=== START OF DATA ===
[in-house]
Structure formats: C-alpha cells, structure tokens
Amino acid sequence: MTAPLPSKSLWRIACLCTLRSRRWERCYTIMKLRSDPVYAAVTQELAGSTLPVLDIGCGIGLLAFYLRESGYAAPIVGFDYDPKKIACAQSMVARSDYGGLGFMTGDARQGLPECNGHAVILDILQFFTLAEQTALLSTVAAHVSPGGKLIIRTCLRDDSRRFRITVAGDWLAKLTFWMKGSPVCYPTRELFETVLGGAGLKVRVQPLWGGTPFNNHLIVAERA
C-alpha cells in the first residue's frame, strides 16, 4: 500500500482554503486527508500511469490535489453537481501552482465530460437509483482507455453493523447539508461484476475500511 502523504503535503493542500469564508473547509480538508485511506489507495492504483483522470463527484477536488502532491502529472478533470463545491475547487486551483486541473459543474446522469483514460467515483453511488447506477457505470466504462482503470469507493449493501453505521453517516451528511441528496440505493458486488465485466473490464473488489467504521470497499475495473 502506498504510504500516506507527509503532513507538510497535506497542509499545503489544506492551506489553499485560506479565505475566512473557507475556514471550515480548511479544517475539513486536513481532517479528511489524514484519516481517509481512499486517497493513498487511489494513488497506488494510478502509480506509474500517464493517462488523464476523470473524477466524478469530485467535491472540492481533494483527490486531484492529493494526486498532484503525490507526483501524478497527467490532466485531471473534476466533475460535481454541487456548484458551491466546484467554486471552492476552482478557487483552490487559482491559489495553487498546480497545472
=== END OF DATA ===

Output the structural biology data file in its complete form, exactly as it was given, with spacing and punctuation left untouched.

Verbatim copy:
[in-house]
Structure formats: C-alpha cells, structure tokens
Amino acid sequence: MTAPLPSKSLWRIACLCTLRSRRWERCYTIMKLRSDPVYAAVTQELAGSTLPVLDIGCGIGLLAFYLRESGYAAPIVGFDYDPKKIACAQSMVARSDYGGLGFMTGDARQGLPECNGHAVILDILQFFTLAEQTALLSTVAAHVSPGGKLIIRTCLRDDSRRFRITVAGDWLAKLTFWMKGSPVCYPTRELFETVLGGAGLKVRVQPLWGGTPFNNHLIVAERA
C-alpha cells in the first residue's frame, strides 16, 4: 500500500482554503486527508500511469490535489453537481501552482465530460437509483482507455453493523447539508461484476475500511 502523504503535503493542500469564508473547509480538508485511506489507495492504483483522470463527484477536488502532491502529472478533470463545491475547487486551483486541473459543474446522469483514460467515483453511488447506477457505470466504462482503470469507493449493501453505521453517516451528511441528496440505493458486488465485466473490464473488489467504521470497499475495473 502506498504510504500516506507527509503532513507538510497535506497542509499545503489544506492551506489553499485560506479565505475566512473557507475556514471550515480548511479544517475539513486536513481532517479528511489524514484519516481517509481512499486517497493513498487511489494513488497506488494510478502509480506509474500517464493517462488523464476523470473524477466524478469530485467535491472540492481533494483527490486531484492529493494526486498532484503525490507526483501524478497527467490532466485531471473534476466533475460535481454541487456548484458551491466546484467554486471552492476552482478557487483552490487559482491559489495553487498546480497545472